The Akari Light Sculptures (1951) by Isamu Noguchi are a series of luminaires, handcrafted from traditional washi paper by Japanese artisans. ‘The harshness of electricity is thus transformed through the magic of paper back to the light of our origin – the sun.’ (Noguchi)
Production of the Akari Light Sculptures
Each Akari Light Sculpture is meticulously crafted by hand in the Ozeki workshop, a traditional family-run company based in Gifu, Japan. This film provides a brief insight into the complex fabrication of the luminaires designed by Isamu Noguchi.
In 1951 the Japanese-American artist Isamu Noguchi began to design the Akari Light Sculptures, a group of works handcrafted out of washi paper that eventually comprised over 100 luminaires – table, floor and ceiling lamps. He chose the name 'akari' for these objects, a word that means 'light' in Japanese, connoting both illumination and physical lightness.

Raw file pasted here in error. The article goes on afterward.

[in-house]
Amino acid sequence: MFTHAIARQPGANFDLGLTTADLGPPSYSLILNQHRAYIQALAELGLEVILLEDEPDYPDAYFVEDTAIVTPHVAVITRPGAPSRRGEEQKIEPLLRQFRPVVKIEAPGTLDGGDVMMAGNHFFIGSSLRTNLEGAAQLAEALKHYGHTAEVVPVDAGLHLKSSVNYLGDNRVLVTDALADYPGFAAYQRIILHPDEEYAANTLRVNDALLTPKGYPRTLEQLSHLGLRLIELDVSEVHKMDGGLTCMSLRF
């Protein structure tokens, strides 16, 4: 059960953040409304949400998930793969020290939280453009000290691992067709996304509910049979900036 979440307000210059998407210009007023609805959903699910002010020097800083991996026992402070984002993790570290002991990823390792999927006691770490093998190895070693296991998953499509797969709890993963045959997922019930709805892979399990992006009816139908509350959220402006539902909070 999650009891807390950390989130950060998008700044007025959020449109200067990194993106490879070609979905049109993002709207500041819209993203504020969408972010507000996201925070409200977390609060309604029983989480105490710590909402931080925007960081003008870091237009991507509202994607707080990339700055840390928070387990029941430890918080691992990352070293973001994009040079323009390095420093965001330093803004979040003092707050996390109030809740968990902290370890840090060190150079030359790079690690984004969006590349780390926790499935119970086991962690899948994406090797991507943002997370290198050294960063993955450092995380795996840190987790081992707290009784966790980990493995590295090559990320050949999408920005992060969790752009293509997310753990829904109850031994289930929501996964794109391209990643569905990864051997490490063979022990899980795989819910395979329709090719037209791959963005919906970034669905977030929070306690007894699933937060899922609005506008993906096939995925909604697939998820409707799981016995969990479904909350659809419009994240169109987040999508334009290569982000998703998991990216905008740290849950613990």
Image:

'The harshness of electricity is thus transformed through the magic of paper back to the light of our origin – the sun – so that its warmth…
The oeuvre of Japanese-American artist and designer Isamu Noguchi is unusually multi-faceted, ranging from the fine arts to industrial design. Since 2002, Vitra has produced re-editions of his designs in cooperation with the Isamu Noguchi Foundation in New York.